This is continuation of the series of articles I have written about git and using it for industrial automation projects.
Every automation shop eventually gets to a point where they need some sort of central library of code or central project file store. Eventually you need a way to share files, share projects, or archive and backup important code so it does not get lost. Many companies work with a shared network drive, some are using online cloud storage (Dropbox, Box, etc.). Git to the rescue again.
Git remotes are useful for maintaining a central code repository or sharing a project with others. Github is likely the best known git remote. If you have a large organization you might find Gitlab or just a SSH server more to your liking since you can then store everything on premise and keep your data ‘in house’. A git remote will not replace regular or good backups but they can be really convenient when sharing programming projects.
For this example I am going to use a Github project as my remote source. The project is called basicRTUdemo. This way you can interact with my project as well by ‘cloning’ the repository. The project was started with only a README.md file.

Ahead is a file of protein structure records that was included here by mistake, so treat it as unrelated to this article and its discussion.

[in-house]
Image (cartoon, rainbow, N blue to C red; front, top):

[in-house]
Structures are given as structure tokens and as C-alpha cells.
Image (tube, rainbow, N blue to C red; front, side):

Gitkraken makes it really easy to work with Github projects since you can sign into your Github account in the app. Sign in with Github inside Gitkraken as this will setup the required SSH keys. I am already signed in and there is good help online for this so I am going to skip ahead a little.
To clone a repository onto your computer you need the SSH URL for the repository. Click on the green “Clone or download” button on the Github website. Then copy the URL in the box that pops up.
Open up Gitkraken, open the File menu (top left) then click on Clone -> Clone with URL.
Pick a location for the project on your computer and paste the URL into the box for URL. Then click on Clone the repo!
Gitkraken will go to work and when it is finished you will see a dialogue across the top asking if you want to open the cloned repo. Click Open Now.
Now you can see the project on your computer in all its glory. Right now it only has one commit but its all here.
I am going to add a text file to project, stage it and then make a commit. Now you can see my local computer is ‘ahead’ of the remote master branch. This is great because I can now see where the remote repository is at and if I am ahead or behind.
Next because I am wanting to keep the remote as up to date as possible I am going to ‘Push’ my changes to the remote. Click the Push button.
Because I own this repository my changes are pushed up and now my git repository and the remote repository are in sync (notice the two icons are together).
If the project moves ahead of where you are you might be asked to do a “Pull” request instead. This is a more complicated procedure that we will handle in a later article.
That is just scratching the very surface of what is possible with remotes and syncing various git repositories. There is a lot more to learn here and I will cover that in later articles.